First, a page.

The stories are good examples of the short-short form. The reader's enjoyment is somewhat hampered by their age. The tone of a science fiction story is affected not just by when in the future it is set, but by the vision of the future in vogue during the time it was written. Readers will encounter Martians, building-sized computers, and English-speaking, humanoid aliens. And a number of formerly surprising and hard-hitting endings have become less so with the passage of time.

But there are some classics and some obscure gems, too. This collection is recommended for science fiction fans, connoisseurs of the short-short form, and writers learning to write brief, high-impact narratives. Developing writers of short-shorts may also benefit from The Rose Metal Press Field Guide to Writing Flash Fiction: Tips from Editors, Teachers, and Writers in the Field.
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on August 18, 2015
It is sometims relaxing to read some dated sci-fi like this and understand how perceptions and ideas have evolved
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on August 31, 2014
Three of my favorite science fiction short stories are in this compilation (if Light Of Other Days was in here it would truly be complete). If you like having a book of short stories by your bedside while and as you read the ponderous tome you are currently plowing through, and you like Fiction and Fantasy, because you can't call some of this Science Fiction, then you will certainly like this book.
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on September 2, 2016
Very, very enjoyable. I love Asimov and I love short short stories, so of course I devoured this book. I gave it 4 stars instead of 5 because a few too many of the stories were just set-ups for bad puns.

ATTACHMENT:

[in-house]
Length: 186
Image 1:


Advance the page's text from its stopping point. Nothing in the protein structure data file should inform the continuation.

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on January 21, 2017
Great collection of odd stories. Really enjoy it and have been reading some of these to buy 7th and 8th graders. It's almost like reading scripts for the Twilight Zone.
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on January 23, 2012
This is a great book. Thought provoking. Mind expanding. Highly recommended. Most of the stories are just a few pages long, but will leave you thinking about the "what if..." I actually bought this book twice, because I wore out the first one as I kept going back to re-read certain stories, and lending it to friends. Science fiction at its best.
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on August 13, 2004
I have always believed that there is a line between the Fantasy and Science Fiction genre-a thin, blurred line perhaps, but a line nonetheless. Science Fiction is speculative fiction based on science fact, which may be concerned with space travel, environmental evolution, alien life forms etc.

Asimov's "100 Great Science Fiction Short Short Stories" includes genies, leprechauns, wizards, deals with the devil, and even magic fortune cookies. I think Isaac missed the boat, especially since he saw fit to produce a separate volume entitled, "100 Great Fantasy Short Short Stories". Hard-core Sci Fi fans, this book is not for you.

The anthology itself reads like a who's who of the science fiction (fantasy) legends of the 40s, 50s, 60's, and 70's. And although the reader may enjoy reading two or three stories by the same author (Asimov was not above including his own stories or stories about himself), there are a number of "short short" story greats noticeably absent-Simak, Brown, Del Rey, and Dick to name a few.

Although many of the stories are classic and will long be remembered after the final page is turned, the book falls short of what it could have been.
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on August 7, 2014
Bought a copy decades ago, while still in high school. Rereading was like a walk down memory lane.